Understanding how fluids move in three-dimensional space is central to a range of industries from medicine to engineering, and even creating convincing special effects in film. The EU-funded realFlow project sought to improve the connection between fluid models and the real world, using a machine learning approach. Typically, fluid models are constructed to mimic real-world physics, giving researchers the ability to run simulations that are quicker and cheaper to carry out than physical experiments. realFlow was attempting the inverse. The project set out to create a system that could capture the underlying physics of real-world examples. “For example, we’d like to have a cloud of smoke rising somewhere, and be able to predict what the underlying air movements are doing,” explains project coordinator Nils Thuerey, who is based at the Technical University of Munich. The goal was to be able to do this only from two-dimensional images. To achieve this, Thuerey and his colleagues decided early on to pursue a machine learning approach. Neural networks were fed data on fluid movements such as smoke density and flow velocity, and allowed to come up with their own descriptions of the physics involved.
Wings, weather and blood
“The original proposal was to work with data, observational and simulated, to figure out what happens,” says Thuerey. “Naturally we harnessed development in AI over recent years. We developed machine learning based on data sets, to be able to solve these different problems.” Thuerey adds his team is among the first to connect these physical problems with machine learning algorithms. Being able to understand the underlying physical processes affecting a fluid, from footage of its movement, has a range of applications, such as analysing airflow over aircraft wings, or the forces generating weather systems. Another application is in medicine, notes Thuerey. “You have the case of a marker injected into veins, where you can see the motion of a known quantity in an unknown field,” he explains. “If doctors get immediate feedback about pressure distributions in a patient’s vein, they could adjust what they do in real time.”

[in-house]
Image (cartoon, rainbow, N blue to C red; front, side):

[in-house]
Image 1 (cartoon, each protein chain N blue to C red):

Thuerey’s team also sought to improve the speed and quality with which smoke effects could be simulated by using a library of pre-generated data. By taking the starting positions and velocity of smoke particles, a neural network builds a simplified model of the expected flow. It then searches the database for high-quality footage corresponding to those conditions. The work was supported by the European Research Council. Thuerey says: “The grant was extremely effective, enabling us to work without spending a lot of time on grant writing and worrying about immediate deliverables shortly after.” He adds that the ERC grant also helped with his professional development, making a strong argument for his tenure at the Technical University of Munich. The team has since secured a consolidation grant to further pursue their research. “This field, a combination of deep learning and physical simulation, has grown a lot,” concludes Thuerey. “Now we’re ready to take the next big step forward and go into practical applications. There are many exciting challenges to resolve.”
realFlow, smoke, fluid, simulations, velocity, density, dimensional, pressure, distributions